The petitioners who were the priests of a temple had challenged an order whereby the dissolution of the trust committee of the temple was ordered. They contended that their ancestors had made the Maha Maya Mandir Trust from their own income 300 years ago the future expenses were accordingly born by them following which the petitioners shall get all rights and control over the said trust inclusive of the offerings to the deity. It was further pleaded that the priest for the worship of Mandir may be appointed from the family of the applicant alone and thus the 10% amount of the offering to be given to them was highly misdirected by the previous Court.

Considering the facts of the case the Court stated that to offer a Puja in the Mandir to the deity by priest would not automatically envelop the offering made to the deity to be the property of the priests and thus the offers that were made by the worshipers were to the deity and not the priests. Accordingly, the circuitous route to have a right over the offerings being made to the deity through the priests cannot be given effect to.[Shivwanath Jogi v. Ganesh Bajpai, 2019 SCC OnLine Chh 2, decided on 02-01-2019]

Hot Off The PressNews

Supreme Court: The 5-Judge Constitution Bench comprising of CJ Dipak Misra, Rohinton Nariman, A.M. Khanwilkar, Dr D.Y Chandrachud and Indu Malhotra JJ., by a 4:1 majority, allowed the entry of women in Sabarimala Temple, Kerala.

CJ Dipak Misra: Women no way inferior to men. On one hand, women are worshipped as Goddesses, but there are restrictions on the other hand. Relationship with God can’t be defined by biological or physiological factors.

CJ and Khanwilkar, J: Rule 3(b) of Kerala Temple Entry Act which excludes women aged between 10 and 50 violates freedom of a Hindu religion to worship. Right to worship is equally available to men and women. There can be no discrimination on the basis of gender.

 Dr D.Y. Chandrachud J.: To treat women as the children of a lesser God is to blink at the Constitution.

“The ban says presence of women deviates from celibacy. This is placing the burden of a men’s celibacy on women. Stigmatises them, stereotypes them.”

R.F. Nariman J.: Rule 3(b) is unconstitutional for being violative of Articles 25(1) & 15(1) of the Constitution. Excluding women renders their right to practice faith.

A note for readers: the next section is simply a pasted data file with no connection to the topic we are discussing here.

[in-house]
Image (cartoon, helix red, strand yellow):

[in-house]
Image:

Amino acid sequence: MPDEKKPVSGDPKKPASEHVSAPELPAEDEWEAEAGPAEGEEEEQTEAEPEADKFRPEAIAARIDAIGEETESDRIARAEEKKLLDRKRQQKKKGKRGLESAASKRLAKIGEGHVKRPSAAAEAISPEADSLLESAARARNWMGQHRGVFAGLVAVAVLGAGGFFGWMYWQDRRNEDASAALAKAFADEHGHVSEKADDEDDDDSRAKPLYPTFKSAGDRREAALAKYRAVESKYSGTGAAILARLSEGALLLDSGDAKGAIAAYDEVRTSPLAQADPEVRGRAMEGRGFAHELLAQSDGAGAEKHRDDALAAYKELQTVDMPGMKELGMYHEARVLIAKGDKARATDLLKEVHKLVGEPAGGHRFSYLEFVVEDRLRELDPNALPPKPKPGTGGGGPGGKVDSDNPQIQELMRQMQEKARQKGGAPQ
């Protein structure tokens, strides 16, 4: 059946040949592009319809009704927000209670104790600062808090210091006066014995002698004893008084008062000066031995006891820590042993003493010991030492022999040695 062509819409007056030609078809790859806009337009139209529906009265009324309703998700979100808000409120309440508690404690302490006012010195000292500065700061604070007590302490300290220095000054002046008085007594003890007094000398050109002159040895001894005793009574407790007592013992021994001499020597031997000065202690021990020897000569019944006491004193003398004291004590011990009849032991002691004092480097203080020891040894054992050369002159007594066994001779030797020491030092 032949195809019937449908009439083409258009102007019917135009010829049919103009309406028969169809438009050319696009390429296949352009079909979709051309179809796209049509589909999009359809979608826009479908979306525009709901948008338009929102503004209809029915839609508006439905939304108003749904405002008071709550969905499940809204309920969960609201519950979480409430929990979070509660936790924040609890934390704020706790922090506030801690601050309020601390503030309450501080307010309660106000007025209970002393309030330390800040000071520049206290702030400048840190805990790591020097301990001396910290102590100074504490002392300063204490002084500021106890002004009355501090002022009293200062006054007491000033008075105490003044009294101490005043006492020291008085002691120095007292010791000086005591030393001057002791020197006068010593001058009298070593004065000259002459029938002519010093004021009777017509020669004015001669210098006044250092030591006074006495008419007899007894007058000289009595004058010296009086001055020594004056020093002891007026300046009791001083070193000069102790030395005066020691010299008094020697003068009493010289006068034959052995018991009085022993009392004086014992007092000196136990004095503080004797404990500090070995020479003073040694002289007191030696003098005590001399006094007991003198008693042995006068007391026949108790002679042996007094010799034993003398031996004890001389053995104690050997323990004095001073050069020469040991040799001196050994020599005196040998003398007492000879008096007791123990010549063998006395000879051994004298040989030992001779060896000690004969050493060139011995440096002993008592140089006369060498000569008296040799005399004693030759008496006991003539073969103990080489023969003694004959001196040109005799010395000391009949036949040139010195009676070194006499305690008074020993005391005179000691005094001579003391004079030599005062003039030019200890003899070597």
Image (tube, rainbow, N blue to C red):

Indu Malhotra J. (dissents): What is essential practice in a religion is for the religion to decide, it is a matter of personal faith. India is a land of diverse faiths. Constitutional morality in a pluralistic society gives freedom to practice even irrational customs. Religious practices cannot be solely tested on the bedrock of equality.

“Religious practices can’t solely be tested on the basis of the right to equality. It’s up to the worshippers, not the Court to decide what’s religion’s essential practice.”

Indu Malhotra J. Judges cannot intervene and decide on whether a practice is violative of fundamental rights or not. Personal views of judges do not matter. A religious denomination has freedom to believe and practice even if their beliefs are illogical or irrational.

Hence, the Constitution Bench with 4:1 majority removed the ban on entry of women in the Sabarimala Temple stating “Women can’t be treated as lesser or weaker.”

Judgment awaited.

High Courts

Madras High Court: In a petition filed, seeking the writ of mandamus, directing the State of Tamil Nadu to construct a ‘Bharat Mata’ temple upon the lands belonging to a revered freedom fighter, the Division Bench of S.K. Kaul, C.J. and T. Sivaganam, J., scrutinized the significant delay in the construction of the temple, and directed the Chief Secretary of Tamil Nadu for the critical examination of the representations made by the petitioner and pass a reasoned order within two months from the date of the communication of the order.

In the present case, the petitioner via Senior Counsel R. Gandhi contended the massive delay in the construction of Bharat Mata temple on lands purchased by a freedom fighter and presently under the control of the State Government. The temple was the brainchild of the revered freedom fighter Subramaiya Siva and was conceived in order to depict the unity, diversity and integrity of India, but the anticipated project could not materialize due to the imprisonment and ill-health of freedom fighter. The counsel for the State V.R. Kamalanathan put forth that, at present land houses the memorial hall of Subramaiya Siva.

The Court found it hard to believe the significant gap of implementation of aforesaid project. The Court further observed that, the project could have been carried out either by Government funding or from contributory measures by willing residents. Nonetheless, the Court expressed its consent on the reasoning behind the construction of Bharat Mata temple, calling this measure admissible and admirable in framing unity and correspondence over divisive agendas of damaging caste and religion. Kumari Anandan v. State of Tamil Nadu, decided on 19.06.2015